CME Group to Close Most of Its Chicago Trading Pits Permanently – The Wall Street Journal
The exchange operator CME Group Inc. said it would permanently close most of its open-outcry trading pits in Chicago, ending one of the world’s last vestiges of old-fashioned floor trading.
CME said Tuesday that a number of trading pits that it closed temporarily in March 2020 to prevent the spread of Covid-19 wouldn’t be reopened. Many U.S. workplaces are coming back to life as the pandemic eases.
Some of the CME pits being shut down include pits for trading agricultural commodities, where traders had haggled over options on soybeans, wheat, cattle and hogs.
Floor trading for agricultural commodities has existed in Chicago since the mid-19th century and has long been part of the heritage of CME Group, which took its name from the Chicago Mercantile Exchange, now one of the company’s subsidiaries. The rise of electronic trading has made floor traders nearly irrelevant in most financial markets, and exchanges have been shutting down trading pits in Chicago and elsewhere during the past two decades.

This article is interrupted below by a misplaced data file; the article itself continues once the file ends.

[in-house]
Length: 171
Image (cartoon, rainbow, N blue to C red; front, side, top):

The only part of CME’s trading floor that will remain open is the Eurodollar options pit, which the exchange operator reopened in August with social-distancing requirements and other measures to protect traders from the coronavirus. Eurodollars are a type of interest-rate contract and represent one of CME’s biggest marketplaces.